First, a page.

Local Religion in Colonial Mexico

By Schwaller, John F. | The Catholic Historical Review, October 2007 | Go to article overview
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Local Religion in Colonial Mexico


Schwaller, John F., The Catholic Historical Review


Local Religion in Colonial Mexico. Edited by Martin Austin Nesvig. [Diálogos.] (Albuquerque: University of New Mexico Press. 2006. Pp. xxvii, 289. $24.95 paperback.)

This collection of essays seeks to fill a void in the historiography of the Catholic Church in Mexico in a manner similar to what William Christian did for Spain in his landmark book, Local Religion in Sixteenth-Century Spain (Princeton: Princeton University Press, 1981). While Christian used a singular database, the relaciones geograficas of the 1570's, to produce a tightly structured monograph, this collection of essays take a broader view, although each author focuses on specific details of the larger theme. Consequently, each of the ten authors represented here looks at some discrete aspect of local religion within the 300-year colonial history of Mexico. Nesvig outlines his goals as seeking to show that the Church in Mexico is not the monolithic institution of the popular myth nor that history need follow the path of northern Europe and the United States in embracing an increasingly secular state. In effect, the antidote is to show that religion, like politics, is local. Although the Catholic Church might be universal in title, it has many different manifestations in the popular culture.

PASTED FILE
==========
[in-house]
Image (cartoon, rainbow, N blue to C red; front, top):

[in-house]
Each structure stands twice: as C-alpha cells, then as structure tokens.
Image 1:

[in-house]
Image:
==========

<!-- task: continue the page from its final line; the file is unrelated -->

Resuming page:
In the first essay of the ten, Carlos M. N. Eire explores the concept of popular religion in the Hispanic world. In the second essay Antonio Rubial Garcia explores the use of saints in colonial New Spain. At the same time that the missionary friars attempted to suppress the pre-Columbian religions, they were also importing to New Spain the existing cult of saints from Europe. Eventually even local saints entered the panoply, thus de-demonizing the region and incorporating it into the salvation history of Europe. Martin Nesvig tackles the issue of the purpose behind the creation of Holy Cross College (Colegio de Santa Cruz) atTlatelolco.The school was an outgrowth of humanist thinking that never reached its full potential, and even the literature on the topic remained largely hidden to the present day. William Taylor looks at the fascinating figure of Francisco de la Rosa Figueroa, a Franciscan who served in both Mexico City and the nearby Nativitas Tepetlatcingo.

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